Microsoft this week announced the previews of two password security capabilities for organizations using the Azure Active Directory service or Windows Server Active Directory.
One of previews is Azure AD Password Protection, designed to ward off the use of commonly guessed passwords, which requires having Azure AD Premium 1 licensing. The other preview is Smart Lockout, an attacker-blocking capability, which is included in “all versions of Azure AD (including those versions in Office 365),” Microsoft’s announcement explained.
The Azure AD Password Protection preview is aimed at thwarting “password spray” types of attacks in which attackers try prosaic passwords across an organization. The idea is to find end users who have chosen guessable passwords as a way of gaining entry. A guessable password might be “password” or “12345678” and the like.
Microsoft’s Azure AD Password Protection preview stops end users from creating guessable passwords via a list of more than 500 commonly used passwords, plus over 1 million single-character variants. For instance, it would stop a user from using “p@ssword” as their password.
The Azure AD Password Protection service is turned on by default for password set and reset actions for Azure AD Premium users. It can be turned on for Windows Server AD users from the Azure AD portal if they have the same licensing. Organizations also can add a customized list of their own banned password strings, if wanted. The ability to add a banned password list requires having an Azure AD Basic license, according to Microsoft’s documentation.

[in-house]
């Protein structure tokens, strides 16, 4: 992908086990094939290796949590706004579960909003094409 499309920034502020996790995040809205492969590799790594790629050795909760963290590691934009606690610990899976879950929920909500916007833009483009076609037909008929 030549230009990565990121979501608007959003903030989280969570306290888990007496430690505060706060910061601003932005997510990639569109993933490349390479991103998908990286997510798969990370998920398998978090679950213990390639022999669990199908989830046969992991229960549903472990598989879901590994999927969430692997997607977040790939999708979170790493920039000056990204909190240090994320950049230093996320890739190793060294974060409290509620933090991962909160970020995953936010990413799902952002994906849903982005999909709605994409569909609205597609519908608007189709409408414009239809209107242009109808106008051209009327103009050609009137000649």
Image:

In March, Microsoft laid out its best practice recommendations for passwords using Azure AD. Among other matters, it stressed that multifactor authentication should be required for IT personnel. It also offered seemingly against-the-grain advice with regard to end user passwords. For instance, Microsoft advised against requiring end users to regularly change their passwords. The argument is such a requirement just causes them to select predictable password names or it causes them to use “seasonal patterns” in their passwords.
Microsoft appears to have some backing on this position from the National Institute of Standards and Technology’s latest report on the topic, as cited in Microsoft’s announcement. It states (Section 10.2.1 “Memorized Secrets”):
- Do not impose other composition rules (e.g. mixtures of different character types) on memorized secrets.
- Do not require that memorized secrets be changed arbitrarily (e.g., periodically) unless there is a user request or evidence of authenticator compromise. (See Section 5.1.1 for additional information)
The report doesn’t provide much explanation about such advice, but the general idea seems to be that organizations should avoid any practices that cause end users create guessable passwords.
IT pros with questions about Microsoft’s Azure AD Password Protection and Smart Lockout previews will get an opportunity to ask them on Thursday, June 28 at 9:00 a.m. to 10:00 a.m. PST. The Azure AD team plans to field questions at that time. Details are described here.